Ahead of the New York City September 12th, 2017, Primary, Mayoral Candidate Sal Albanese seemingly had the Reform Party Ballot Line locked up. It meant that Albanese would be on the General Election Ballot even if he Lost the Democratic Primary to the Incumbent Mayor Bill de Blasio. At the last minute, however, Republican Candidate Nicole Malliotakis and Independent Candidate Bo Dietl attempted to Snatch the Reform Nomination from Albanese through an “Opportunity to Ballot,” which effectively Opened up the Reform Party Ballot Line to Write-In Candidates. Albanese would prevail with 53% of the Vote, but the Spectacle raised major concerns for Elections Officials. Had all of the Candidates Failed to reach the 40% mark, it would’ve Automatically triggered a Laborious and Costly Citywide Runoff Election between the Top Two Vote-Getter Two Weeks later.
New York City “Dodged a Bullet” in avoiding a Runoff Election, said Douglas Kellner, Democratic Co-Chair of the New York State Board of Elections (BOE), at a Wednesday Oversight Hearing of the City Council’s Committee on Governmental Operations. Kellner, who was there to give his Assessment of the recent Municipal Elections and other matters, briefed the Committee Members on Steps the Council could take to improve Election Management. “The first is something that is really in your lap, and that is dealing with the runoff primary election,” He said, calling on the Council to quickly Implement Ranked-Choice Voting (RCV) in which voters get to Rank Multiple Candidates in Order of Preference. For the Three New York Citywide Positions of Mayor, Public Advocate, and Comptroller, New York City’s Charter instead provides for a Runoff to be held Two Weeks after a Primary, burdening Local Election Administrators and Costing Millions of Dollars. Most recently, an Expensive Runoff infamously occurred in the 2013 Democratic Primary for Public Advocate, with the Primary costing more than the annual Budget for the Office.
Urgent action is Necessary, Kellner said, since a significant Amount of Time and Money can go into Updating Election Equipment, Testing, and Planning for the Next Election Cycle. Moving soon, Four years out from the next New York City Election, would also prevent Individuals and Parties from predicting, and gaming, the Effects on the Election system, He said. “Now, you dodged a bullet...but, that problem hasn’t gone away,” Kellner said, insisting that there was no Significant Benefit from a full Runoff. “And if you’re not gonna do anything, then it’s your fault,” He joked. “But it’s not realistic to make the decision two or three years down the road.” The 2021 Elections, when all Three Citywide posts will be Open due to Term Limits, are expected to be especially Competitive in the Democratic Primaries.
Council Member Ben Kallos, the Chair of the Committee, is himself “incredibly supportive” of RCV, he said Wednesday. “I believe that a certain elected official...in the city is opposing that legislation,” he said wryly, referring to Mayor de Blasio, who Opposed RCV when he was Public Advocate. “While I here in the Council am willing to do so, I believe we still need to get the mayor to sign it,” Kallos added.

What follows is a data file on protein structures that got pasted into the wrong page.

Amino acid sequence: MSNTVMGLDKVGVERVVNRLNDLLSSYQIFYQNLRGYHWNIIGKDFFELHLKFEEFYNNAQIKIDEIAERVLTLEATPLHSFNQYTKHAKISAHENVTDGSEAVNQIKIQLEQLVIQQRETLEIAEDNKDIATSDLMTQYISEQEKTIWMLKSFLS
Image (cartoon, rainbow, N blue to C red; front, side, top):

All of the eight Candidates to become the next City Council Speaker recently said that they Support moving to RCV.
Kellner, who also floated the Option of a New York City Charter amendment Petition, which would go to the Voters, said if the City failed to Implement RCV, then it should Abolish Runoff Elections entirely. “The city was lucky this last year that they didn’t have to spend the money on a runoff election,” He said. “And imagine what the reaction would’ve been if the city had to spend millions of dollars to hold a runoff election for one of the small parties, where they might’ve been spending as much as $30,000 per vote in order to administer a runoff election for one of the smaller parties. And that’s how the statute is set up now and it’s a crazy statute.”
Indeed, in the 2013 race to Replace de Blasio as Public Advocate, Democrats Letitia James and Daniel Squadron went to a Runoff Election that was estimated to cost around $13 Million. Both Squadron and James, the eventual Winner of the Race, came out in Favor of RCV. “I think that is a worthy conversation that needs to be had and we certainly would need to make some adjustments,” said New York City Board of Election Executive Director Michael Ryan, at Wednesday’s Hearing. Ryan noted that the potential Runoff for the Reform Party, which holds Open Primaries, would be Open to approximately 800,000 Unaffiliated Voters and the 261 New Yorkers Registered with the Party itself as of November 1st. “It would’ve been a full citywide runoff,” he said, “and considering the paucity of actual enrollees in the Reform Party, its very easy to field candidates when you need such a small number of signatures and then open the Board up to significant elections responsibilities and a potential runoff.”
He said the Board had Plans in place to hold the Election, and pointed out the multiple hurdles they would face. Between Primary Day and the Day of the Runoff, there were multiple Religious Holidays, and the UN General Assembly was convening, where President Trump was scheduled to speak. “So to say we dodged a bullet is an understatement,” he said.
I am working with New York State Legislators to do the Research for what it will cost and the Process to Upgrade the New York City Voting Systems to be Upgraded to handle the Voting and Tallying a RCV Election.
NYC Wins When Everyone Can Vote! Michael H. Drucker